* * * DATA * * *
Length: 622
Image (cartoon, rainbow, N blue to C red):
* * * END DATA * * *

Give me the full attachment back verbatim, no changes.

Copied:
Length: 622
Image (cartoon, rainbow, N blue to C red):